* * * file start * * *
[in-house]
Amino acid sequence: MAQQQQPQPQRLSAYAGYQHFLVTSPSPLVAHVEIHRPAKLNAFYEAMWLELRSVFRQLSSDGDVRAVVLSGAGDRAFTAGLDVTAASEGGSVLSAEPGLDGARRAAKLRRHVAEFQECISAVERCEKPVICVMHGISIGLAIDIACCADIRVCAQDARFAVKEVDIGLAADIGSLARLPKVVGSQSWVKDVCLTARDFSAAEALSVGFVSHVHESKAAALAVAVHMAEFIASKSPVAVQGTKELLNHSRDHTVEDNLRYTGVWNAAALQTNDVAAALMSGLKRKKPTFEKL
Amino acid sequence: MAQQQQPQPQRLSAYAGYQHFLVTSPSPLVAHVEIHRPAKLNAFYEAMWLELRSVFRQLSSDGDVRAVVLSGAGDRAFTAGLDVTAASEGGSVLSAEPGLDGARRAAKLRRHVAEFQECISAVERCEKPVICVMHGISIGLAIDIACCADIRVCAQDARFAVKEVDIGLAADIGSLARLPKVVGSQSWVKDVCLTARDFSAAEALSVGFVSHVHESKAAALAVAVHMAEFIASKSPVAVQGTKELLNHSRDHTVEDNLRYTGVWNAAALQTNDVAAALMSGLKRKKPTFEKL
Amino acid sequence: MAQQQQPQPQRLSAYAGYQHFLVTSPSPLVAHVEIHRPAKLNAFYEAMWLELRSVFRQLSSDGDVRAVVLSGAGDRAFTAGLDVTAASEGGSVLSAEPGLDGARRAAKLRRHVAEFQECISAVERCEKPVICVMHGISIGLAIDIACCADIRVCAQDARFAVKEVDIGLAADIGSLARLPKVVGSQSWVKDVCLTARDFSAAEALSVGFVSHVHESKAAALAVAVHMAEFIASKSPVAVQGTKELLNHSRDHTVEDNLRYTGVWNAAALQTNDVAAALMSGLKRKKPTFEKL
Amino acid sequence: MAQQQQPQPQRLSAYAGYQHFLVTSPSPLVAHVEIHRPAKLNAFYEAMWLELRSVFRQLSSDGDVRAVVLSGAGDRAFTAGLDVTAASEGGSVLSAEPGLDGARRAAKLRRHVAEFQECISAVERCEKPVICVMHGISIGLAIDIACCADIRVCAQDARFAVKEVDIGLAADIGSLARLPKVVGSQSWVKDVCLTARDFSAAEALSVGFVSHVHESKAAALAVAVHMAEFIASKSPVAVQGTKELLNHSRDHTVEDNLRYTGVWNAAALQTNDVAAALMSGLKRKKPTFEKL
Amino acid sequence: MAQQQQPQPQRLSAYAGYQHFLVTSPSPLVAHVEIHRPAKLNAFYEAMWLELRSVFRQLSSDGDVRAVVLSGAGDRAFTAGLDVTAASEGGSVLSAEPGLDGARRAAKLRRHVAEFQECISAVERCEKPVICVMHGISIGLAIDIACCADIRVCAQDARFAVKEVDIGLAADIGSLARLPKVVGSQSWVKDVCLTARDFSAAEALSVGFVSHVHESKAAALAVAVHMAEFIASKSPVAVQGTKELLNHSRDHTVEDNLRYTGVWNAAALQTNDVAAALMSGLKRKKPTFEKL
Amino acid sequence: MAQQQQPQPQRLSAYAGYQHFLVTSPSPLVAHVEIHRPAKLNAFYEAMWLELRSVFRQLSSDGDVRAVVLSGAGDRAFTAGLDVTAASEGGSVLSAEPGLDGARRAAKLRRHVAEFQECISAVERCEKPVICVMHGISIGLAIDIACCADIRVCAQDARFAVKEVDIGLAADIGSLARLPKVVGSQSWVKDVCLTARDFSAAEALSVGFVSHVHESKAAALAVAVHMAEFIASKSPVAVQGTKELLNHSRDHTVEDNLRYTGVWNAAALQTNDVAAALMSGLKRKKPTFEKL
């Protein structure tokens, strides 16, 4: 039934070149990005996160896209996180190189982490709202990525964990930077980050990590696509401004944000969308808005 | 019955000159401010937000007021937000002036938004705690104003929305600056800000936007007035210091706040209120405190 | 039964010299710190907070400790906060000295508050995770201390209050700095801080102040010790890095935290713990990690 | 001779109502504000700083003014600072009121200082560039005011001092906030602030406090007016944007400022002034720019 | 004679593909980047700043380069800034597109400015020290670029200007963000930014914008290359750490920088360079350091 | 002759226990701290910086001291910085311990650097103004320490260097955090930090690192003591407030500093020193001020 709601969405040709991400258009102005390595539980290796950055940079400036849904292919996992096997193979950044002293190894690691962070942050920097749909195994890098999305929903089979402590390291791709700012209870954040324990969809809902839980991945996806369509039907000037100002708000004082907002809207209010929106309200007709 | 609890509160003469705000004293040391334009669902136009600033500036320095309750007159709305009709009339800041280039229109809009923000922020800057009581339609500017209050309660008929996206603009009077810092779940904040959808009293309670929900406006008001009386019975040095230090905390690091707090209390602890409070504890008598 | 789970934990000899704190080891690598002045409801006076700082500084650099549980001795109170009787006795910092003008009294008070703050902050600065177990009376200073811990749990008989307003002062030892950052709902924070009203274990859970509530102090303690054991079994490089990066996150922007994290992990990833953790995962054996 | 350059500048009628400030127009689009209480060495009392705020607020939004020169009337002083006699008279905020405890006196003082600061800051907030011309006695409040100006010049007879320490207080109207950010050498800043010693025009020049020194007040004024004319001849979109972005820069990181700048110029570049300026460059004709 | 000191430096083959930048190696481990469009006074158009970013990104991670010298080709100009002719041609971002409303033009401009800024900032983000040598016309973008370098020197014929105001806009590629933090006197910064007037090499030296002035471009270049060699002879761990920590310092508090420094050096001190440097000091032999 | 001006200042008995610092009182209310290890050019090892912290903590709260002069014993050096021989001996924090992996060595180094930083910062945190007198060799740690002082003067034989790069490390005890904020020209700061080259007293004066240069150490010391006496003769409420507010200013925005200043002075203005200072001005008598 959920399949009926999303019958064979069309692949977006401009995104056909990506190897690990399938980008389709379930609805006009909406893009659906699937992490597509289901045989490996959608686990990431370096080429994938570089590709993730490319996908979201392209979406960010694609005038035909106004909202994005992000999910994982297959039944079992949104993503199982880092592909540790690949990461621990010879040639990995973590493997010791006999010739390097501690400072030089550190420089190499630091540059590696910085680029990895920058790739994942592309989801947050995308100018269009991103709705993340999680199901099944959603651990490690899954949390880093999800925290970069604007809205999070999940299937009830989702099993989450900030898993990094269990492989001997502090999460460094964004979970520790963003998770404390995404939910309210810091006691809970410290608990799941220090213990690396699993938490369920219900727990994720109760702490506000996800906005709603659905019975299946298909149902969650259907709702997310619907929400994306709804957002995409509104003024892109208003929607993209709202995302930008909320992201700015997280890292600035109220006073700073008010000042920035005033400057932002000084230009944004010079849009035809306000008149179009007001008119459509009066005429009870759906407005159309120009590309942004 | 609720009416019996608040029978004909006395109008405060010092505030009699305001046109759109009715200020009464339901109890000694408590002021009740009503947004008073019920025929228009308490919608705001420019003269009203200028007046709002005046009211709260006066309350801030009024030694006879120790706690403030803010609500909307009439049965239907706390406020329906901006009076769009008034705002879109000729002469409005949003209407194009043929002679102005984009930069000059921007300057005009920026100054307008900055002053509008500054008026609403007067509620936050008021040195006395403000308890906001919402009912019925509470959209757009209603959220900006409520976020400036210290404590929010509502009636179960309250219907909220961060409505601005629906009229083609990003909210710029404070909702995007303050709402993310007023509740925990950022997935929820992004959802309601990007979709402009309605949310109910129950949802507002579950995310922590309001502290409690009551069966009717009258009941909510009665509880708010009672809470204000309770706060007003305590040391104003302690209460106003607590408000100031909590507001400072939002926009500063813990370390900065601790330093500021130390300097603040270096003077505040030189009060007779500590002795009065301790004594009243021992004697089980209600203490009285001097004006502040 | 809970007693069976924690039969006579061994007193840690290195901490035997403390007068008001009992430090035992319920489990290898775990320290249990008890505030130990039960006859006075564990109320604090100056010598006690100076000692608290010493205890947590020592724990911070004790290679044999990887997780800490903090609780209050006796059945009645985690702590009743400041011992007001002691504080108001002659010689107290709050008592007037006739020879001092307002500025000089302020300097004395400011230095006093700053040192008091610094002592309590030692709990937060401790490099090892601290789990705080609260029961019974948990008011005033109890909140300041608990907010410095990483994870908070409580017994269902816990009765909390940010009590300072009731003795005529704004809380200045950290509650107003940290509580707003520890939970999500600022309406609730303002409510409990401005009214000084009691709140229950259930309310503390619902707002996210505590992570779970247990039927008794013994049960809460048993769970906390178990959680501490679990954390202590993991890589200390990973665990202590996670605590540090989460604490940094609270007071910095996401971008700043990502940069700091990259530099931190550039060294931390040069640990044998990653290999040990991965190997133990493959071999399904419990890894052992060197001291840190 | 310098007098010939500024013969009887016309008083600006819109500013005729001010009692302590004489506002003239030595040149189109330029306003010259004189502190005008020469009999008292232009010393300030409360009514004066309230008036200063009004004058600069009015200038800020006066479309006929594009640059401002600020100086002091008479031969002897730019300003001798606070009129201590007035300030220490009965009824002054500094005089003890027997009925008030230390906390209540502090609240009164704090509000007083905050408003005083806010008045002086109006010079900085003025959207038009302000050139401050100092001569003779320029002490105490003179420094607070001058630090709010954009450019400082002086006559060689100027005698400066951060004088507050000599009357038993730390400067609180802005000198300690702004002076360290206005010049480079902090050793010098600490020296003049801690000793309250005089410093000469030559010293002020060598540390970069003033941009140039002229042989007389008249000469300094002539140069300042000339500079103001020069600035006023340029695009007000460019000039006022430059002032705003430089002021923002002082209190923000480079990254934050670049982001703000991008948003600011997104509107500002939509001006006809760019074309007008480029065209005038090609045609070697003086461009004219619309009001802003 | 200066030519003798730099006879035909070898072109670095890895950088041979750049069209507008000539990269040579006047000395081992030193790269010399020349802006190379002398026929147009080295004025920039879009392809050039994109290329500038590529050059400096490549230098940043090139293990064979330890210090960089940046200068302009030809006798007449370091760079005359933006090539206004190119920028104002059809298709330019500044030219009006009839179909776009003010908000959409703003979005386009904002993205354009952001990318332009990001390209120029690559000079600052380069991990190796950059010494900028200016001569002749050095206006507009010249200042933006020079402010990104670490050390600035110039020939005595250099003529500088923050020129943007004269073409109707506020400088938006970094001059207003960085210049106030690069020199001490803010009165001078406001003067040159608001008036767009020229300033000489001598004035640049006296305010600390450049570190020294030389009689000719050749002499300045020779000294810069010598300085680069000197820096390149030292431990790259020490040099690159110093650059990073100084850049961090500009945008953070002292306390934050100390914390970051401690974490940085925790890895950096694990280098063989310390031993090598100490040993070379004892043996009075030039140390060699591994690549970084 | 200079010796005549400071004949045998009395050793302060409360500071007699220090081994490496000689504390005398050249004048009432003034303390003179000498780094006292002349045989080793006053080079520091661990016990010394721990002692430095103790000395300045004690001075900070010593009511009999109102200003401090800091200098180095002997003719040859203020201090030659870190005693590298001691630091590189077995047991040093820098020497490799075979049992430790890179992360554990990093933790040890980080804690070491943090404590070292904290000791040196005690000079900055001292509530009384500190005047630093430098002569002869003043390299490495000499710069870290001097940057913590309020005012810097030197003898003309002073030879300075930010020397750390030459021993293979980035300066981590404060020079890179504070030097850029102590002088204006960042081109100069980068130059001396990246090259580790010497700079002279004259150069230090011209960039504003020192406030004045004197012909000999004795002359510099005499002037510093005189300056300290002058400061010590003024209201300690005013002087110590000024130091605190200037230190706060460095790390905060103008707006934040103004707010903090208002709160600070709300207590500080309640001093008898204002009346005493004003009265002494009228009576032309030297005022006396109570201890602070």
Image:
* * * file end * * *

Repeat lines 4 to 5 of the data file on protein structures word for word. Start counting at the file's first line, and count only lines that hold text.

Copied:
Amino acid sequence: MAQQQQPQPQRLSAYAGYQHFLVTSPSPLVAHVEIHRPAKLNAFYEAMWLELRSVFRQLSSDGDVRAVVLSGAGDRAFTAGLDVTAASEGGSVLSAEPGLDGARRAAKLRRHVAEFQECISAVERCEKPVICVMHGISIGLAIDIACCADIRVCAQDARFAVKEVDIGLAADIGSLARLPKVVGSQSWVKDVCLTARDFSAAEALSVGFVSHVHESKAAALAVAVHMAEFIASKSPVAVQGTKELLNHSRDHTVEDNLRYTGVWNAAALQTNDVAAALMSGLKRKKPTFEKL
Amino acid sequence: MAQQQQPQPQRLSAYAGYQHFLVTSPSPLVAHVEIHRPAKLNAFYEAMWLELRSVFRQLSSDGDVRAVVLSGAGDRAFTAGLDVTAASEGGSVLSAEPGLDGARRAAKLRRHVAEFQECISAVERCEKPVICVMHGISIGLAIDIACCADIRVCAQDARFAVKEVDIGLAADIGSLARLPKVVGSQSWVKDVCLTARDFSAAEALSVGFVSHVHESKAAALAVAVHMAEFIASKSPVAVQGTKELLNHSRDHTVEDNLRYTGVWNAAALQTNDVAAALMSGLKRKKPTFEKL